ArtPlace: Have you seen the cultural climate around racial justice work in Oakland change in the time you’ve been involved with ESAA? What do you attribute any changes to? How is your work with ESAA adapting?

Elena: Equity is now the focus of most everyone’s work. We have also seen the idea of cultural preservation being embraced as an anti-displacement strategy—culture being seen as integral to what defines a community. At the same time that folks are looking at more equitable distribution of resources, we are confronted with a huge and horrible houselessness crisis. In neighborhoods that were already suffering, we now have tent encampments with families and working parents not being able to afford to live in their homes. We have not seen the urgency needed to address this crisis. Someone said that we should be treating this as if it were a natural disaster and immediately getting people in homes. To add to the pain, folks are seeing cranes all over downtown building condo towers. In the era of equity and racial justice, Oakland is a divided city—now more than ever before—and this will have dire results for everyone if not addressed in a real and timely way.

Our work at ESAA has changed. We now discuss land, property ownership, and eviction controls at our staff meetings more than ever. We want to talk about how to lift up and support artists, how to give time and space to create visions for the future. Communities like East Oakland need artists to imagine the creation of a better world. But we cannot just do that anymore. Artists, ESAA staff, our community is being pushed out.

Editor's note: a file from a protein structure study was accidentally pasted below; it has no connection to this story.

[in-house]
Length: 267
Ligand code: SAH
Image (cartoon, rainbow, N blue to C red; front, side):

ArtPlace: What do you think are the most common misperceptions about Oakland that are held by people who don’t live in the area? How about by people who do live in the area?

Elena: We love Oakland. EastSide’s staff all live in Oakland, many for generations. The idea that prosperity has come to downtown and again is not being shared with neighborhoods that have been under-resourced for decades is hurtful. We run into folks new to Oakland, and they love it, too. They talk about the cool bars and restaurants, the views of the lake, the tech community... Very few know the other Oakland. Deep East Oakland shows up as grey space on tourist maps. It’s important to love all of Oakland.

Through the work of the Black Cultural Zone, we are establishing a Racial Justice Innovation Fund where resources can be collected and the East Oakland community can make decisions on what is needed now in their neighborhoods. There have been years of planning behind this work. There is a community governance structure developed and there are paper commitments from funders and investors for over $850 million. And there is the talk of equity and racial justice.

It’s time now to stop planning, talking, hoping—and implement. Again, through the OSNI and the BCZ work there is a list of catalyst sites for the development of affordable housing, cultural centers, shared workspaces, grocery stores, and a renewable energy work campus. It has to happen now.